I’m sure we’ve all fallen victim to it. We’re going through our Twitter or Facebook feeds and we see something that is just awesome. It echoes our beliefs and our understandings of the world and we quickly repost it. Or maybe it’s just so timely and important that we feel the urge to share. With a quick click of a button, we send out some piece of information to our colleagues, family and friends without ever really evaluating it. And that’s how misinformation is spread virally across the digital ecosystem, innocently and immediately. Through this click and share culture, countless celebrity deaths have been hoaxed. Multiple “scientific discoveries” have been faked. Numerous political controversies have been created. Whether factual or not, the misinformation spreads across the Internet.
I’ve written before about numerous fact checking sites available online but a recent article on the Chronicle shows that the problem is a little more pervasive. We’re all “at sea in a deluge of data,” the article argues, and many students and graduates aren’t navigating the waters well. In interviews with a number of employers from major companies, researchers in a Project Information Literacy study found that information research and analysis was a top priority for new hires but that new graduates often possessed “a small compass” to complete in-depth research. Many new graduates resort to Google searches and Wikipedia and “default to quick answers plucked from the Internet.” The Chronicle article, written by the director of Project Information Literacy, argues that what is needed is that educators begin developing students’ “knowledge in action.” Students need to perform “a kind of athletics of the mind aided by Internet-enabled devices, search engines, and pools of data from a wide variety of outlets.” They need to look across data sets and information sources and synthesize this information in new ways. “Knowledge in action” is not just a scholarly or educational activity. It’s about lifelong learning and effective citizenship. It’s a skill and framework of mind that helps students recognize which sites are reputable, which information is accurate and how we evaluate sources.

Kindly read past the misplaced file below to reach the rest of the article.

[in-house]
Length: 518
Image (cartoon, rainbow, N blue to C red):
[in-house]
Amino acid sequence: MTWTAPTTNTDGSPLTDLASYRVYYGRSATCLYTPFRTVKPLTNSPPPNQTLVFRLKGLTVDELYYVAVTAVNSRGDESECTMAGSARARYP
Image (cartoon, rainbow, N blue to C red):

But how do we teach information literacy and develop “knowledge in action?” First, I think we have to assume that our students aren’t just learning it somewhere else. I had a graduate assistant several years ago who I assumed could perform some background research for a project that I was starting. Because she had an undergraduate degree in history and had written a thesis, I assumed she could navigate primary documents and synthesize them into a cogent summary. Instead, she shared a list of Internet sites in an email. When I asked if she had checked out JSTOR, EBSCO or ProQuest, she said she didn’t know what those were. The activity became a teachable moment for the student and for me.
As educators, we have to recognize that our students become information literate by doing independent research, not just in large research assignments but in day-to-day classroom activities as well. We have to create classroom cultures that celebrate evidence-based arguments and that value critical analyses of the evidence brought to bear on any discussion. Through these processes (and others), our students will become better consumers of information. And we will have saved thousands of celebrities from fake online deaths.